The trade-off between stability and manoeuvrability is considered axiomatic, however, flapping winged flyers have the potential to maintain both mutually opposing properties. During swimming and in flapping flight, reciprocating motion of fins and wings are necessary; during these motions the lifting surface produces forces in directions that are not always aligned in the direction of intended force production and tend to cancel out due to the bilateral symmetry. Recent research on the dynamics of fish shows that the production of such antagonistic force increases manoeuvrability without sacrificing stability . Similarly, the wing of insects and birds produce large instantaneous forces while flapping that are not always along the direction of mean displacement yet they continue to maintain equilibrium since these forces are cancelled by equal and opposite forces produced by the contralateral wing. Modulation of these forces through bilateral asymmetry can produce torques that can be used for performing corrective manoeuvres in unsteady winds or to take evasive flight when nearing obstacles . Additionally, flapping wings have been shown to be more resistant to gusts and freestream turbulence.
3. Biomimetics in insect-inspired flight systems
(a) Flapping-wing micro air vehicles: design and manufacturing
(i) Overview on flapping micro air vehicles
Flapping-wing propulsion, inspired by flying animals, possesses potential of high lift-generating capability under low-speed flight conditions and may provide an innovative solution to the dilemma of small autonomous MAVs. Biomimetic design systems associated with flapping MAVs (figure 2) can be classified into four key aspects: flapping mechanism, wing design, manufacturing and systematic design. Two key issues in the biomimetic MAV design are flapping-wing mechanism and weight limitation. High power and high frequency are essential for the flapping-wing mechanism to create sufficient lift force. Light wing-body is also a must, which, however, restricts the synthesis of the actuators, power sources or materials, constraining the wing kinematic, frequencies, size or available aerodynamics forces. Therefore, the main challenge in flapping MAV design and manufacturing, in particular, for insect or smaller size, is how to realize wing kinematics within the crucially restricted mass .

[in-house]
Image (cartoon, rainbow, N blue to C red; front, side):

As illustrated in figure 4, most flapping MAVs have been developed with a wingspan of 10−2 to 100 m and a mass of 10−2 to 100 kg. Electric motors and gear-crank linkage mechanisms are normally used to generate flapping-wing motions through converting motor's rotational motion to linkage's straight motion. For larger MAVs , the payload can afford some avionics such as vision systems or autonomous control systems; and by processing the captured images with a ground station, autonomous obstacle avoidance can be realized. In these electric MAVs, the flapping motion is generated in terms of 1 degree of freedom, which can create feathering motion (AoA) owing to passive deformation of the flapping wing. Manoeuvring flight is commonly achieved with a rudder or elevators of the tail wing as used in fixed-wing or rotary-wing aircraft. There are also MAVs capable of actively controlling feathering motion of the wing so as to realize manoeuvring without rudders or elevators . Despite the challenges for small-scale propulsion and miniaturization, researchers have successfully reproduced the bioinspired flight systems in several different ways, which may be classified in three prototypes of the four-winged (or X-wing) DelFly [9,10], the hummingbird-sized Nano-Hummingbird  and the insect-size Robobee .
The X-wing MAV has four flexible wings as two paired wings and uses the clap-and-fling mechanism achieved by the gear-crank linkage system [9,10]. Aerodynamically, the X-wing MAVs benefit from three clap-and-fling cycles in a wing beat, capable of augmenting the aerodynamic force generation. One of the most successful bioinspired MAVs so far is the two-winged Nano-Hummingbird  with a wingspan of 16.5 cm and a weight of 19 g. All necessary components including actuators, power source, flapping mechanism and sensors for flight control are put on board. Stable hovering and agile manoeuverability are performed by active modulation of the flapping wings. The insect-size MAV, Robobee  presents one of the smallest flapping MAVs, with a wingspan of 30 mm, a weight of 80 mg and a flapping frequency of 120 Hz. Robobee is equipped with high-power density, piezoelectric motors, which however, restricts it to achieve a real free-flight. Manufactured by a novel methodology capable of rapidly prototyping articulated, flexure-based sub-millimetre mechanisms, the flyer can achieve a tethered but unconstrained stable hovering and basic controlled flight manoeuvres.
Enhancement of the energy transformation from motor to mechanical flapping-wing system is also very challenging but remains yet poorly understood, which may significantly regulate the wing stroke dynamics and hence passively enhance versatile aerodynamic force generation. Harne et al.  investigated the dipteran wing motor in insects as a compression ‘bistable click’ mechanism and found that a flight mechanism capable to adjust motor axial support stiffness and compression characteristics may dramatically modulate the amplitude range and type of wing stroke dynamics achievable. Such flexible structures associated with motor and wing-hinge may be of potential in enhancing the flexibility and robustness of the control autonomy system (figure 2) through integrating passive and active mechanisms interactively and complementarily.